I have to add my voice to VydorScope's on this matter. Sometimes writing happens (for those that work this way) without even the vaguest outline, sometimes it's a matter of seeing where the characters that sit in your head decide to go - as you write
The first novel in the series I am writing started with just an initial scene: two women watching a man grieving. It appeared in my head one night, I have no idea where the image came from. I had no idea who they were, I wasn't even clear on the source of the grief, although that part came quickly. I simply started writing to find out what happened (as strange as that may seem). The ideas expanded and grew from the characters that I saw there in that scene - as I wrote - until I found there was more than I could reasonably fit into a single book.
There does come a point (for me at least, I presume it is true for most) where you begin to see the direction you want things to take and you start nudging your characters in that direction. That first novel had various places where the writing stopped because what was going to happen next didn't just come from the characters and I had to force things along by picking a direction (I can still pick those places out and wonder if readers will too).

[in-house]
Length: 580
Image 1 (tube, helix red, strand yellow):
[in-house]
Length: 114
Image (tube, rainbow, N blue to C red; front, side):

Things were a little different for the second book in the series, I had what I thought was an end-point for that novel ... but writing the book changed that ending considerably (and I had to rewrite the first half of it to clean up the winding path it took to get where it was going). I seem to be stalled on the third, despite (or because of?) knowing what I want to happen. It's almost as if the motivation for writing has been partly lost because I already know big chunks of the story. I have to get past that (my wife says so
There are obviously lots of hazards in the no-outline approach (just as there are in the outline approach), but I have used it because it's what seemed to be working for me - this time around anyway.